What is Referendum 88?

Referendum 88 will decide the fate of Initiative 1000 (see below), a ballot initiative approved by the legislature last year. An “approve” vote on Referendum 88 will enable I-1000 to move forward; a “reject” vote will block it from becoming law.

What is Initiative 1000?

Initiative 1000 would reverse a statewide ban on affirmative action enacted by ballot initiative in 1998 (I-200). Initiative 1000 allows for characteristics such as race, sex, color, ethnicity, national origin, age, sexual orientation, disability, or veteran status to be used as factors when considering a person for public education or public employment, but prohibits the use of quotas or preferential treatment.

I-1000 also creates the Governor’s Commission on Diversity, Equity, and Inclusion, which oversees the state’s progress on its goal to guarantee “every resident of Washington state equal opportunity and access to public education and public employment.”

Why is an approve vote on Referendum 88 so important?

Opponents of affirmative action often reference it as reverse discrimination. In truth, opposing affirmative action validates the status quo—a status quo that is constructed on and maintained by centuries of institutionalized racism and oppression.

Racial discrimination seeps into every aspect of society, including home-ownership, employment, healthcare, criminalization, child welfare involvement, and education. To this day, Black households have only 10 cents in wealth for every dollar held by White households, and rates of Black homeownership (43%) are almost half those of White ownership (73%)—the same level as in the 1960s when discrimination, such as redlining and racial covenants, was legal.

In the twenty-one years since I-200 banned affirmative action, racial inequities in education and employment have only widened: state contracts for businesses and people and color decreased from 10% to between 3% and 1%; rates of Black, Native American, and Pacific Islander students enrolled in 4-year colleges decreased statewide; and Seattle Public Schools are six times more segregated than in 1990.

Discrimination is not only based on race; it also impacts every other protected class listed in I-1000. Regardless of industry or education level, women in the US make 82 cents for every dollar made by men, and the gaps are even wider for women of color. Older workers face longer lengths of time to get hired into new positions, with an average one-year-long employment wait for a 54-year-old job-hunter. Transgender people are three times more likely to be unemployed than the general population, while the U.S. Supreme Court is currently considering whether employers can legally discriminate against LGBTQ people in the workplace. And people with disabilities are 41% less likely to be employed than people without disabilities.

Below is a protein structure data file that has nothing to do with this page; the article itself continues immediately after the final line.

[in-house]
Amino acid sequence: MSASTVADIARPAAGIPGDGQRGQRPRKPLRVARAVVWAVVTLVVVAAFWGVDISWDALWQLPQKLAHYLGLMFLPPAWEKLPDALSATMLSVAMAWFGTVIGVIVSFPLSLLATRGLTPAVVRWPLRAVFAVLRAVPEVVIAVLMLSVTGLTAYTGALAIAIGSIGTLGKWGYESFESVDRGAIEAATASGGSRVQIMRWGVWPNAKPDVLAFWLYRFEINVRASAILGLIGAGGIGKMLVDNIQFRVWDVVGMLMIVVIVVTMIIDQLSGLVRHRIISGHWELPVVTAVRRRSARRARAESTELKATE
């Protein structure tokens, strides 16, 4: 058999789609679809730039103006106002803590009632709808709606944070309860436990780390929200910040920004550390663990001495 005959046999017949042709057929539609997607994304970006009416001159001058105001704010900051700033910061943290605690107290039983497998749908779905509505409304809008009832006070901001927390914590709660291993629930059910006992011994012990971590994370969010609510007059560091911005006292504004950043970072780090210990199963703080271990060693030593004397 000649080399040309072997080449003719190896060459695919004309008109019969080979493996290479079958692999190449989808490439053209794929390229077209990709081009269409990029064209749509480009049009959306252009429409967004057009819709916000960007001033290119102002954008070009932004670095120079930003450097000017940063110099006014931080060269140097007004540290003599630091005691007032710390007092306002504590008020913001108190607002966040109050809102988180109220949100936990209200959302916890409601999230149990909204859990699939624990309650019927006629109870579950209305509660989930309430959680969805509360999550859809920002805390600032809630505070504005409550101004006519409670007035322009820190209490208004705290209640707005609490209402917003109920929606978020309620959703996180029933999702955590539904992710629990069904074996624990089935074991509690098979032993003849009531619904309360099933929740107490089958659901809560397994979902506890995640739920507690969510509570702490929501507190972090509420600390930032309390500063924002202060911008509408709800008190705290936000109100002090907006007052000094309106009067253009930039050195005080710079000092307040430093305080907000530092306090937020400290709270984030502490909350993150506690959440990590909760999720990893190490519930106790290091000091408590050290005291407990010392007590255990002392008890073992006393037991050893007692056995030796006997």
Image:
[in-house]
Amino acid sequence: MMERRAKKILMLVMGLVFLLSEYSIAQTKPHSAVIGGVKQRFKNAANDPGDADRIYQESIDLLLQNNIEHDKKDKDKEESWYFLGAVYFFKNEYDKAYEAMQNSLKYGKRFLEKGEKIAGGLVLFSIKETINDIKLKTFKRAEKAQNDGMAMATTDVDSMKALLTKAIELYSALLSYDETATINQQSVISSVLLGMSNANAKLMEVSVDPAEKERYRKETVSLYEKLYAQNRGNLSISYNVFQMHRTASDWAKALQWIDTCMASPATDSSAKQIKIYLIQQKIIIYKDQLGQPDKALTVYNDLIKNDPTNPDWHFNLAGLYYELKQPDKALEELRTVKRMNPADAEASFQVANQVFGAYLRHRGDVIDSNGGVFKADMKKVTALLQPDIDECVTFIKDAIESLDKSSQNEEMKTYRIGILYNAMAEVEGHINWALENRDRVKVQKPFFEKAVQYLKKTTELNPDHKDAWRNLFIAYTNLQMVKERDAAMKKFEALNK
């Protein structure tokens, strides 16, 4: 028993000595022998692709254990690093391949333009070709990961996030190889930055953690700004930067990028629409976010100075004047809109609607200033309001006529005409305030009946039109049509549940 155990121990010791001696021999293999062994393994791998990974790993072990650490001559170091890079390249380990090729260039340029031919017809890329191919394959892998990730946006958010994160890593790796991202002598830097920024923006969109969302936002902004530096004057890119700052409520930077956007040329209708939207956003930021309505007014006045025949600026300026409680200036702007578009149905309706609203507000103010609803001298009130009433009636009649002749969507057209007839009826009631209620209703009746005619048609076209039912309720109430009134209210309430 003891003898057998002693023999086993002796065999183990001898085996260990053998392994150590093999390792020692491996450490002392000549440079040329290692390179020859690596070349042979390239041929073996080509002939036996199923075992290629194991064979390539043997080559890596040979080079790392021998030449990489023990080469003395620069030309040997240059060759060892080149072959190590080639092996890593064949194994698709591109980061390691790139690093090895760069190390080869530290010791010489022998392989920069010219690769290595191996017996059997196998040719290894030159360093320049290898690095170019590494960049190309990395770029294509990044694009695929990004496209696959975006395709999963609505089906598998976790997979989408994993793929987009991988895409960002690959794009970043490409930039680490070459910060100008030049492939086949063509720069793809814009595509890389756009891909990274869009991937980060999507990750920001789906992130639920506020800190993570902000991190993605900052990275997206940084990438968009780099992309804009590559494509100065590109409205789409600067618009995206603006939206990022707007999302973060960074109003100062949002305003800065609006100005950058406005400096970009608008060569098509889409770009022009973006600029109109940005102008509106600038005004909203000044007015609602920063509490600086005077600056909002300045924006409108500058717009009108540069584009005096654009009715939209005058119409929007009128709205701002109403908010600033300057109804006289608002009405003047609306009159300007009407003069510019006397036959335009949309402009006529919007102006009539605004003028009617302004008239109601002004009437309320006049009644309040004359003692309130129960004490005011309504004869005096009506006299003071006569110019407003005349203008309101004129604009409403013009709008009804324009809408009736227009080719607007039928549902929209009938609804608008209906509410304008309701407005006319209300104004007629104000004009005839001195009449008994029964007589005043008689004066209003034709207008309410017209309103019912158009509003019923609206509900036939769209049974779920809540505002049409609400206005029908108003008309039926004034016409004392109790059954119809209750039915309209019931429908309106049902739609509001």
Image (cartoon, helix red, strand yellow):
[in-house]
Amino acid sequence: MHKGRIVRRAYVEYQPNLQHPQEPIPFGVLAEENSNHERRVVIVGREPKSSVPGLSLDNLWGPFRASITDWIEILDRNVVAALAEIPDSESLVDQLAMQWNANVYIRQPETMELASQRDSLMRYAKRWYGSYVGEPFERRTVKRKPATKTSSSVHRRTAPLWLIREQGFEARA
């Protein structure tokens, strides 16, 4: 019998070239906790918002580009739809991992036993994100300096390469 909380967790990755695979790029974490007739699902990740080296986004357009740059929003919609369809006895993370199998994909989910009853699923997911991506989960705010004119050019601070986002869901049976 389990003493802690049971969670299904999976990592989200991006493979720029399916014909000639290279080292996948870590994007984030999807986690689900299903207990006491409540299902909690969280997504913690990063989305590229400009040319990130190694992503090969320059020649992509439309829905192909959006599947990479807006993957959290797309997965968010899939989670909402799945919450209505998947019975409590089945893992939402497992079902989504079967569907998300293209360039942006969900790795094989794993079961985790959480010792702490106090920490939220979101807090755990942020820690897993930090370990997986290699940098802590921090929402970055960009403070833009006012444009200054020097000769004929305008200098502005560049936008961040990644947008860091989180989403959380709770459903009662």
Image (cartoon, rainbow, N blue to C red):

Undoing our society’s deep inequities—from race to age to ability to sexuality—requires us to identify and overturn the laws that have created and maintained that inequity. That means passing laws like I-1000.

What is the impact on young people experiencing homelessness?

The demographics of young people experiencing homelessness give a clear picture of how racism and oppression operate today and why laws like I-1000 are so critical. More than a third of young people experiencing homelessness in King County identify as LGBTQ and almost two-thirds are youth of color. The two systems with the largest pipelines into homelessness—the child welfare system and the juvenile justice system—show similar disproportionalities. Nationally, almost half of the youth in foster care are youth of color, and two-thirds of youth in the juvenile justice system are youth of color.

YouthCare is committed to addressing the root causes of youth homelessness and dismantling the barriers that young people face every day. I-200’s ban on affirmative action is one of those barriers.

Initiative 1000 would increase educational and employment access for the young people we serve. It is a critical step toward a more fair and equitable society—one that expands access to those who have been historically denied it. Vote to approve Referendum 88!